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JUNE 2005
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Weather Animation
In some cases these accounts are edited versions of a spoken interview. They have not been researched and may differ from the printed article.
Photograph by Brian Strauss

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Weather Photographer On Assignment

    I was in Italy looking for traditional festivals related to weather. In a small village near Naples, legend has it that centuries ago the people brought a statue of the Virgin Mary from the town up onto a hillside. When that happened the village experienced a horrible period of drought. When the villagers eventually brought the statue back into the town, the weather shifted and the drought ended. Every year since then, the townspeople—dressed in beautiful robes and traditional outfits—carry the Virgin throughout the town.
    Late in the day, as the procession was finishing, one of the villagers approached me and said, "You should go around the corner. It's very beautiful there." On assignment, you hear that from people often. Most of the time it's nothing, and you miss what you were shooting in the first place. But when I eventually did go around the corner, I was stopped in my tracks. 
    In the heart of this little village, where all the streets came together, there was a lovely square lined with magnificent trees. Little white bulbs were strung on power lines, and a large church presided over the scene. As I took it all in, I thought, This is what makes this business so amazing.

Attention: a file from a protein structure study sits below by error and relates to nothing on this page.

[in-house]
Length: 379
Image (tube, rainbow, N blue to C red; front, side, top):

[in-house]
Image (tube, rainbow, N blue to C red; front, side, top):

I was at World Cup skiing in Zauchensee, Austria, where ski techs will do a run down the slope to check out snow conditions, crystal structure, surface temperature, air temperature, and the immediate forecast. All this is done in order to pick the perfect pair of skis from a selection of dozens. In World Cup skiing, where a few hundredths of a second is the difference between winning and losing, all factors must be considered.
    I was up in the ski house photographing Willi Wiltz, the ski tech for champion skier Bode Miller, when it came close to the time for his race. I started to ski down an icy, World Cup skiing track. Mind you, I had all my equipment with me. All of a sudden, I found myself in the middle of the Italian women's ski team. My ego was on the line as I skied down with all this gear hanging off me, regularly falling face first into the snow, trying to look like I knew what I was doing. It's funny in retrospect, but it was so embarrassing at the time.
    A new early de-icing warning system was being tested at Denver International Airport. I confirmed with United Airlines maintenance crews that they would alert me when conditions at the facility allowed for a de-icing, as well as a good photograph.
    In March 2003, Denver experienced a "hundred-year blizzard," creating some of the worst conditions the city had seen in 93 years. Denver International Airport was shut down for days, and the city's side streets were impassable. The street where I live in a Denver suburb qualified as one of those side streets, but the conditions were approaching perfect for my de-icing photo.
    As DIA dug through the snow and readied to reopen, I was told to be at the airport very early on Friday morning. So what does a dedicated National Geographic photographer do at a time like this? I got my 11-horsepower snowblower—approximate weight of a 1966 Volkswagen bug—and spent four-plus hours on Thursday clearing a 100-yard-long (90-meter-long) path through three-plus feet (one meter) of wet and heavy snow to get to our closest plowed street. Four a.m. Friday morning came early—and with it a need for four Advil—but I got the photo.
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